You create a beautiful template as a PDF but when you go to insert it into your email campaign—it’s not there! You check that it is in your Library at least three times at this point, however you still don’t see it when trying to insert it in the campaign.
Don’t worry; you’re not doing anything wrong. PDFs are considered a document, not an image. We offer the ability to upload them into your library because we host images and documents for you and they can be hyperlinked in an email campaign.
There are third party websites and applications that will convert a PDF to an image for you. What we have gone and done is cut out the middle man and have designed a built-in workaround to save you the time and hassle of having to search.
When you are in the process of uploading a PDF a message will display above the PDF thumbnail icon letting you know how to convert the PDF into an image. This Knowledge Base article will walk you through the steps of uploading a document if you aren’t familiar with them.
In case you are familiar with the steps but haven’t noticed the warning message here is what to look for:
It’s pretty simple overall once you break it down, although there are some things to consider:
The converted image should appear within the acceptable dimensions for an email template, however sometimes people have PDF files where the dimensions are in the thousands of pixels and might have smaller text that you can zoom in to read on a PDF, but once it’s an image the text will be formatted and might appear smaller than you would like. Just keep this in mind when you think about using the conversion tool.
PDFs are great because they’re a universal and widely used file format. You can even put multiple URL links in them and clicking on them will take you to the desired page! However, once a PDF is converted to a PNG file all links become defunct. I recommend if you are designing a PDF with using this conversion method in mind, only provide one or no link in the design. We do allow you to hyperlink an image to a single URL and here’s a Knowledge Base article on how to do that.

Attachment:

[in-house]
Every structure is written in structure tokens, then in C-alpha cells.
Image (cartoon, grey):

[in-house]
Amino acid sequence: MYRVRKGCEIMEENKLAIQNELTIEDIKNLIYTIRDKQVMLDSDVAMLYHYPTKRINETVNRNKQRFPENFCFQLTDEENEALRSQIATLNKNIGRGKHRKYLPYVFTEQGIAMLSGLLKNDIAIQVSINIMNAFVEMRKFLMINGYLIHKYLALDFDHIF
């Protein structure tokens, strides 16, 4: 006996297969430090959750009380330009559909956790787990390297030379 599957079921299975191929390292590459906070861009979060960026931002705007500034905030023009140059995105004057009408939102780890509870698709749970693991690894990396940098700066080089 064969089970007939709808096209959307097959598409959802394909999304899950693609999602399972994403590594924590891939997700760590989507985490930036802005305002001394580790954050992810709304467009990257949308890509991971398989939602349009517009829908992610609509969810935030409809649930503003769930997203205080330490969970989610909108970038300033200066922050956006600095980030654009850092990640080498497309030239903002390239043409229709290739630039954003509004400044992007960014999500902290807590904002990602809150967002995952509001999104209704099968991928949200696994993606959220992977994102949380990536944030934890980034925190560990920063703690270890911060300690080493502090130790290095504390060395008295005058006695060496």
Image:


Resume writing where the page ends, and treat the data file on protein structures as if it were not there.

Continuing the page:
I suggest when designing the PDF it be more graphics than text. In part because of the reason I stated above where your text might not appear as designed. Bigger text is preferable, though I encourage you to use our built-in text blocks in the editor to format your text.
Most, if not all, email clients give you the option to automatically download or manually download images in your emails. If the entire campaign is one big image file and the contact’s email client is set to manually download the images when the person opens the email they might see, well, nothing. By separating the graphics and the text it will give some indication that they aren’t missing anything if they don’t notice the images aren’t downloaded.
And here’s a TIP! You can convert the PDF to an image and upload the PDF to the Library at the same time. If you don’t have something in mind to link the converted image to, consider linking it to the PDF version of the image! We provide you with a File URL on any image or document you upload to the Library.
Ultimately, the PDF to Image converter is incredibly useful especially when you commission a graphic from a designer and they deliver it in PDF form.
What do you think of the new tool? Have any advice to share with the Community?
Hey! I'm Nick and I am the Social Media & Content Manager for the Community and Social Care team here at Constant Contact, aka @CTCTHelp on Twitter. When I'm not at work you can find me kayaking, hiking, and reading.